Accelerating CO2 emissions have driven physico-chemical changes in the world’s oceans, such as ocean acidification and warming. How marine organisms adjust or succumb to such environmental changes may be determined by their ability to balance energy intake against expenditure (i.e. energy budget) as energy supports physiological functions, including those with adaptive value. Here, we examined whether energy budget is a driver of physiological adaptability of marine calcifiers to the near-future ocean acidification and warming; i.e. how physiological energetics (respiration rate, feeding rate, energy assimilation and energy budget) relates to adjustments in shell growth and shell properties of a calcifying gastropod (Austrocochlea concamerata). We found that ocean warming boosted the energy budget of gastropods due to increased feeding rate, resulting in faster shell growth and greater shell strength (i.e. more mechanically resilient). When combined with ocean acidification, however, the gastropods had a substantial decrease in energy budget due to reduced feeding rate and energy assimilation, leading to the reduction in shell growth and shell strength. By linking energy budget to the adjustability of shell building, we revealed that energy availability is critical to determine the physiological adaptability of marine calcifiers to the changing oceanic climate.

Continue reading ‘Linking energy budget to physiological adaptation: how a calcifying gastropod adjusts or succumbs to ocean acidification and warming’

Contrasting changes in diel variations of net community calcification support that carbonate dissolution can be more sensitive to ocean acidification than coral calcification

Previous studies have found that calcification in coral reefs is generally stronger during the day, whereas dissolution is prevalent at night. On the basis of these contrasting patterns, the diel variations of net community calcification (NCC) were monitored to examine the relative sensitivity of CaCO3 production (calcification) and dissolution in coral reefs to ocean acidification (OA), using two mesocosms that replicated a typical subtropical coral reef ecosystem in southern Taiwan. The results revealed that the daytime NCC remained unchanged, whereas the nighttime NCC decreased between the control (ambient) and treatment (OA) conditions, suggesting that carbonate dissolution could be more sensitive to OA than coral calcification. The average sensitivity of the integrated daily NCC to changes in the seawater saturation state (Ωa) was estimated to be a reduction of 54% in NCC per unit change in Ωa, which is consistent with the global average. In summary, our results support the prevailing anticipation that OA would lead to a reduction in the overall accretion of coral reef ecosystems. However, increased CaCO3 dissolution rather than decreased coral calcification could be the dominant driving force responsible for this OA-induced reduction in NCC.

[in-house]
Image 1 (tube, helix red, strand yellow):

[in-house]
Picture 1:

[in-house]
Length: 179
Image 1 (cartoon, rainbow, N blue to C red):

Continue reading ‘Contrasting changes in diel variations of net community calcification support that carbonate dissolution can be more sensitive to ocean acidification than coral calcification’

Effects of inorganic carbon concentration and pH on carbonic anhydrase activity of gametophytes of Saccharina japonica

Carbonic anhydrase (CA) was considered to be an important component of carbon concentrating mechanism (CCM) of algae. It was an inducible enzyme. Environmental factors, especially dissolved inorganic carbon and pH, were known to affect CA activity. Effects of inorganic carbon (CO2 and ) and pH on CA activity of gametophytes of Saccharina japonica were evaluated in this study. Under high-CO2 condition (3% CO2), the activity of external CA (CAext) was significantly decreased (P < 0.05) from 33.92 REA/g FW to 27.69 REA/g FW. In contrast, the internal CA (CAint) and total CA activities were elevated significantly (p < 0.01) from 36.83 REA/g FW to 48.80 REA/g FW, and from 70.75 REA/g FW to 76.49 REA/g FW, respectively. Addition of an appropriate concentration of to the medium, CAint and total CA activities were promoted significantly, although the activity of CAext was inhibited significantly (P < 0.05). In higher concentration (up to 1680 mg/L), the activity of CAint was promoted to 60.81REA/g FW, which was twice that of the control. Higher activities of CAint and total CA were induced at low pH. At pH 6.0, the highest activities of CAint (110.85 REA/g FW) and total CA (128.17 REA/g FW) were induced. However, at pH 9.0, the activities of CAint and total CA were reduced to the lowest of 23.31REA/g FW and 42.19 REA/g FW, respectively. This is the first report about the successful detection of CAext activity of gametophytes of S. japonica. The results would provide data for the analysis of Ci acquisition and transport mechanism in S.japonica gametophytes.

Continue reading ‘Effects of inorganic carbon concentration and pH on carbonic anhydrase activity of gametophytes of Saccharina japonica’


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OA-ICC HIGHLIGHTS

Ocean acidification in the IPCC AR5 WG II

OUP book